Fitness: 'Tis the Season to Overeat

How to survive the holiday buffet without packing on the pounds.

 

Swedish meatballs, broiled scallops wrapped in bacon, carved HoneyBaked Ham, fresh rolls, roasted turkey breast, olives, pickles, hot peppers filled with mozzarella and prosciutto, apple pie, walnut roll, chocolate-dipped cream puffs.

Getting hungry?

Oops! Don’t miss Aunt Ethel’s chocolate cake/chocolate pudding concoction topped with crushed Oreo cookies that she calls, with no hint of irony, “Death by Chocolate.”

That’s just a quick peek at a buffet table at a typical holiday party. No doubt you’ve bellied up to more than a few, and you inherently know the power the smorgasbord wields over reasonable self-control.

Researchers say that what we eat and how much we consume is determined not by hunger, primarily, but by environmental cues such as color, aroma, variety, and volume. “People eat with their eyes, and their eyes trick their stomachs,” says Brian Wansink, Ph.D., director of the Cornell University Food and Brand Lab and author of Mindless Eating: Why We Eat More Than We Think. “The more variety we see on a buffet table, the more we eat.”

A study in the Journal of Consumer Research in which people were given bowls of M&M’s candies demonstrates this phenomenon. When given a bowl filled with M&M’s in seven colors, participants ate on average 56 M&M’s. When three colors were added to the bowls, raising the number of colors to 10, the munchers consumed 99 M&M’s, a 77 percent increase.

Food marketing researchers can be devious. In another study, people were given soup in trick bowls that were rigged to slowly refill as the people ate. The experiment showed that people consumed 73 percent more soup from the “bottomless” bowls than did people who ate from the regular bowls and, get this, the overeaters believed they were eating the same amount as the people with regular bowls.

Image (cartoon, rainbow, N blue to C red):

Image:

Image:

Nutritionists and experts in consumer behavior agree: Easy access to large quantities of food or large varieties leads to mindless eating. And at no other time of the year does there seem to be more buffet-table opportunities than right now. It has been estimated that the average American consumes an extra 600 calories per day between Thanksgiving and New Year’s Day. If you do the math, that turns out to about six pounds of weight added in the last 36 days of the year.

There’s no avoiding holiday buffets if you wish to celebrate the season with family and friends. But there are many healthful ways to navigate the buffet danger zone and leave the party without having to let out a belt notch.

“You don’t have to turn Thanksgiving into an Olympic eating event,” says registered dietician Leslie Bonci, MPH, the director of sports medicine nutrition in the Center for Sports Medicine at the University of Pittsburgh Medical Center. Approach the buffet with a predetermined strategy to avoid overeating, says Bonci, who suggests what she calls the four P’s plan: prioritize, position (sit far from the food), pace, and portion control.

Just those four strategies alone should be enough to help you enjoy a party without depriving yourself of a little well-deserved holiday fun.

Happy holidays!

Jeff Csatari is the author of the best-selling book The Belly Off! Diet and Norman Rockwell’s Boy Scouts of America, which he co-wrote with his father, Joseph Csatari, the official artist of the BSA.

What a Real Serving Looks Like

  • 1 serving of cheese = 6 stacked dice
  • 1⁄2 cup ice cream = 1⁄2 baseball
  • 1⁄2 cup cooked pasta or rice = tennis ball
  • 2 tablespoons peanut butter = ping pong ball
  • 1 serving of fruit or vegetables = your fist
  • 1 serving of meat = deck of cards or your palm
  • 1 serving of fish = a checkbook

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